Experts Share Top 10 Predictions on DFW’s Commercial Real Estate Market

After a true Black Swan year, predicting what 2021 will bring is not easy. We have all seen disruptions, deep job losses and dramatic changes in the way we do business and work in most sectors. Simple things that we all took for granted, like going to work and school every day, have been turned upside down.

Evan Stone

What follows are our collective views for the year ahead.

We do not claim to have a crystal ball, we merely share a diverse, collective experience of our more than 160 years of experience in commercial real estate. We’ll reconsider our point of view as the year progresses – and since communication and sharing of ideas are key to understanding this recreation, feel free to comment if you agree or disagree with us.

  1. Expect interest rates to stay low through 2021. With the U.S. economy shrinking 3.5 percent in 2020, unemployment rising to over 6.5 percent, initial weekly unemployment claims near record highs, and the virus continuing to be difficult to contain, the economy has weakened significantly. We have plenty of room for government stimulus before we see any inflationary trend. We can see interest rate shifts by a handful of basis points, but we don’t let the news distract us. The Federal Reserve will keep direction low unless inflation rises steeply, which is not expected in the short term.
  2. This slower economy will weigh heavily on occupancy, rental rates and value but will depend on local market conditions and the specific property sector. Conversely, low long-term interest rates offer stabilized property owners excellent opportunities to obtain cheap financing. In order to take advantage of these opportunities, it must be understood in real time how the markets are recovering and developing.
  3. While working from home is now popular and persists to some extent, there will be a swift retreat to the office, provided vaccination is steadily rolled out, corporate culture restored, real collaboration, staff growth and retention in late 2021 . There will be hybrid work from home. Still, this trend is industry and occupation specific, and many ultimately decide that more personal interaction and teamwork are critical to achieving their business goals.
  4. When office tenants return to work on a large scale, an increase in office space (direct and sublet) can be expected, as the real needs of tenants are reflected in their footprints. some bigger and some smaller. This will temporarily put rents under pressure through increased concessions. Exact knowledge of the market is required in order to understand the effects on underground markets and selected sub-markets.
  5. Top tenants will continue to demand high-quality space and pay a premium for the best office space. This Class A and A + room scores better than lower quality rooms due to its better location and quality of floor configurations, improvements and building systems. The challenge will be an adequate drawing of rents, costs and leasing. Depending on the market, location and the actual characteristics of the building, older buildings have problems with newer products. The key is to be able to monitor these specific factors and identify opportunities that arise.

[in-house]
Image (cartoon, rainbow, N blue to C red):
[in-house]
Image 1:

6. Industry will continue to be very strong as a sector. Investor interest in data centers will increase.
  7. Apartment occupancy, rents and leases will remain strong in key markets even as asset income may be challenged. Some disruptions can occur in 2021 when the eviction moratoriums in urban and suburban areas eventually expire and disrupt the usual model of living, working, shopping and game planning.
  8. The lodging sector will continue to struggle with demand, room and other income under pressure through 2022. While working from home, remote meeting tools like Teams, Zoom, etc. have been set up. This will weigh on business travel through 2022 and make travel less popular. We expect business travel to gradually recover in the medium term, but will lag behind the macroeconomic recovery. Likewise, the group / meeting business follows the business travel pattern. Tourist / leisure travelers return first when the barriers are open, but this group does not drive with the occupancy or with the room rates.
  9. Don’t expect widespread reuse of offices or hotels in residential areas. In some cases, while this conversion is a good option, it is physically and financially complicated and depends on the assets.
  10. The “greening” of American companies will continue to be an important issue. When large office users return to work by late 2021 and 2022, tenants’ expectations for energy efficiency measures and HVAC improvements will rise. The $ 900 billion COVID-19 aid package, including extending the investment tax credit (ITC) for solar projects by two years and the production tax credit (PTC) for wind projects and certain other technologies by one year, marks the start of more government policies Initiatives that offer real estate owners incentives to further reduce energy consumption and costs.

Evan Stone is a managing partner at Goodwin Advisors. Art Buser, Robin Sofio, Chris Johnson, and Walt Bialas also contributed to this post.